said, he admired the ability with which the right hon. Baronet at the head of the Home Department had treated the subject; but whatever might be the ability of his arguments, he could not say they had convinced him; he therefore must remain of the same opinion with the hon. Member for Somersetshire. The right hon. Baronet had set aside or avoided the statements made by the hon. Member; but his arguments had not met that statement, which remained in its original force. The right hon. Baronet had alluded to the circumstances under which the Property Tax had been imposed in 1842. There was a deficiency, and that tax was imposed to supply it, and did so; but owing to manufacturing distress, the Property Tax was then accompanied by a reduction of duties in favour of the then distressed manufacturing interest; this reduction was unfavourable to the agricultural interest, which had progressively declined ever since 1842, and that it is now depressed cannot be denied. Every Member was bound first to consider the state of his own constituents; that of his (Mr. Newdegate's) agricultural constituents was one of great depression. He rejoiced at much that had fallen from the right hon. Baronet; it showed that he, at all events, had not forgot the agriculturist, and was in a very different tone from that used the other day by the hon. Secretary at War. That right hon. Gentleman had thought fit to use expressions with reference to the agricultural Members which he had bitterly regretted hearing emanate from that side of the House; but he (Mr. Newdegate) perceived that the right hon. Gentleman was not in his place; he would therefore say no more with reference to him or his expressions. He (Mr. Newdegate) had been referring to the different circumstances under which the Property Tax had been imposed in 1842, and those under which it was at present continued; then there was a deficiency, now there is none. The relaxation of duties had then been carried contemporaneously with, but apart, and separate from, the Property Tax; but now the relaxation of duties was proposed to be the consequence of, and by means of that measure. He did not complain of the Property Tax; he approved of it. He trusted that it was an indication of a novel, a more direct, and a more equable system of taxation. But he did complain that in the financial measures which were now proposed, indirect benefit alone was held out to the great interest which was now depressed; whilst actual and direct benefits were to be granted to interests that were now prosperous. Of late, ultra free-trade doctrines appeared to have gained possession of the House; but the speech of the right hon. Baronet, he must say, was in a different and more sober tone than those they had lately heard. Lately, the hon. Member for Stockport, as high priest of the ultra free-trade theory, had led the strain, whilst the occupants of the Treasury Bench and the hon. Gentlemen opposite had chanted the responses; and how was this all-powerful theory supported?—for every theory must, after all, stand upon its own merits, and be judged of by the power of the arguments which support it. How, he would ask, had this mighty theory been supported? Why, the noble Lord the Member for London, with much approbation from the opposite side, declared that "protection was the bane of agriculture." That was a fine round saying to enunciate; and in support of it the noble Lord's argument simply came to this—that because, since 1815, agriculture had been frequently depressed, whilst during that period it had been protected, that then protection had been the cause of its depression. He confessed, that after some thought, he could not make out the connexion between the assumed cause and effect. But he did wonder that the establishment of another system, dating also from 1815, had not occurred to the noble Lord—he meant the present monetary system. [Cheers] Aye, hon. Members opposite might cheer, and he understood their cheers; but he had expressed a sincere opinion; he did believe that our fluctuating, and at the same time restrictive monetary system, had depressed agriculture, and, though not in the same decree, the other productive interests of the country. The agricultural prosperity of Ireland and Scotland had been quoted by the right hon. Baronet at the head of the Home Department. Now a different monetary sys tem obtained in those two countries, particularly in the latter. They were equally protected with this country; but if fluctuations and agricultural depressions have been more frequent in this country than in them, is it not probable that the monetary system has more to do with the evils of agriculture in this country than protection could have? Then, again, the hon. Member for Stockport had put forth this as incontrovertible—a most extraordinary statement with reference to the protection given to Colonial sugar—that because an import duty of ten guineas was imposed upon each ton of Foreign sugar consumed, being 20,000 tons annually, that therefore this duty made a difference in price of ten guineas a ton upon each ton of sugar from the Colonies, being 230,000 tons, and thus levied a tax of more than 2,000,000l. upon the consumers of this country. This was loudly applauded by the noble Member for Sunderland; but the very next week the hon. Member for Stockport had answered his own question, and completely refuted his own assumption and proved its fallacy by what he had stated with reference to the Dantzic corn market; for he said that the low price of corn there in the years immediately previous to 1838, was owing to ths want of demand for it in this country, and that when demand sprung up in 1838, the price immediately rose, and proved that its low price had been a nominal price. Now, if we admitted Foreign sugar, would not the same effect ensue? Was it not clear that the price of the 20,000 tons of sugar subject to ten guineas duty, was in the same circumstances as the corn of Dantzic in 1835, 1836, and 1837, owing to the duty, and that its present price was also nominal? That if it (sugar) were imported into this country free of duty, its price would rise in Brazil, owing to the demand for it; that its being lower there is nominal; and that the difference to our consumers is not therefore attributable to, or measured by the duty. Why, these were but natural effects of supply and demand; yet in violation of them fallacies such as these seemed popular in that House. He (Mr. Newdegate) would not follow the right hon. Baronet into all the details into which he had gone in answer to the Motion of the hon. Member for Somersetshire. The right hon. Baronet had failed to convince him that relief, were it but small, should not be granted to agriculture in its present state, were this but as an assurance of future relief, in case that were needed; but he felt bound to say, that, he had heard with great satisfaction the statement of the right hon. Baronet with reference to his being willing to grant the drawback on malt for cattle, the Drainage and Inclosure Bills, and that the latter had been referred for consideration to the hon. Secretary for the Woods and Forests. He wished that the speech of the right hon. Baronet had been made earlier in the Session—that its tone had characterized those of his Colleagues, particularly the language of the right hon. Baronet, when he introduced his financial measures for this year. He trusted that the right hon. Baronet would realise the hopes among the farmers, who now distrusted the Government, which his speech would raise; that he would prove to them that at least one Member of the Government understood their difficulties, and cared for their interests. Nevertheless he had not been convinced by the right hon. Baronet; he thought the proposition of the hon. Member for Somersetshire ought to be granted, and he should support it.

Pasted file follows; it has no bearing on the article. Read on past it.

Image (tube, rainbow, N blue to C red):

Lord J. Russell